We typically use numbers when the precise time is needed and write out numbers when we can approximate.


  • She said she’d be here around seven.
  • The train will depart at 7:22 PM.


Of course, I may well say that “my train leaves a little after seven” if the person to whom I am speaking doesn’t need to know my schedule down to the minute.


Regarding AM, PM, am, pm, A.M., P.M., a.m., and p.m., good news: you can use any version you like! Keep in mind that Americans outside the military will almost always use 12-hour notation, while the Europeans and, to a certain extent, the British prefer the more sensible 24-hour notation. However, the 24-hour clock is not really used when speaking in the UK, so you won’t likely hear people say, “Let’s meet at 16:30”. Keep in mind as well that even that 12-hour system doesn’t fully follow the rules of logic! It goes like this:

12 AM-1 AM-2 AM-3 AM-4 AM-5 AM-6 AM-7 AM-8 AM-9 AM-10 AM-11 AM-12 PM-1 PM-2 PM-3 PM-4 PM-5 PM-6 PM-7 PM-8 PM-9 PM-10 PM-11 PM-12 AM and so on. In other words, 12 AM is just before 1 AM and 12 PM is just before 1 PM.


Writing out numbers

Numbers are typically spelled out rather than written in Arabic numerals when they are whole numbers between 0-10. Some people prefer to write out multiples of ten up to one hundred as well, while a few style guides even prefer that you write out all numbers below one hundred. Larger yet simple numbers such as ten thousand or one million are also often written out. Finally, regardless of the number, try to avoid starting a sentence with a numeral, especially in scientific writing.


  • I have five brothers.
  • I have 27 students.


  • I’ve got about three million dollars in my bank account. (A girl can dream.)
  • I’ve got $3,025, 387 in my bank account.


(Another note here: don’t write both $ and dollars for the same number. That is, don’t write “$57 dollars”. It’s redundant since $ already means dollars. This is true for any currency symbol – euros, pounds, yen, won, etc.)


  • There were 78 participants in the study.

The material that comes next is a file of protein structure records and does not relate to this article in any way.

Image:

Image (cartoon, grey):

• Seventy-eight subjects participated in the study.


(Honestly, I would just rewrite this sentence so the number doesn’t come at the beginning, as in the first of the two examples of the same sentence.)


Dealing with addresses

Since seemingly every language has a different format for addresses, we want to present the typical English format here for your reference. Don’t just copy the format from the source language as that can lead to a lot of confusion, especially if your source language is something like Korean where the address is written almost exactly the opposite of the English way.



Jane Doe

Apt. 1405, 38 Main Street, Pleasantville, Nebraska, USA 30345


So the order is: name, apartment number (usually with “Apt.” written before it, but sometimes just #), street number, street name, town, state (or province), country and then the ZIP or postal code.


In some countries, such as Korea, it is typical to include the floor number in the address, so our Jane Doe here might put “14th floor” if she lived in Korea. However, the floor is almost never included in English addresses.


If a local area is needed, it should go between the street name and the town name. A country, if included, would be placed between the town name and the state/province name. The basic rule of thumb to follow here is that smaller units always come before larger units; a street is smaller than a town, so write the street before the town; however, an apartment is smaller than a street, so write the apartment before the street. This rule applies no matter what kind of units the address you want to write includes.


The state/province name may be written as its abbreviation (here is an excellent list).

Lesson tags: Dealing with Numbers in English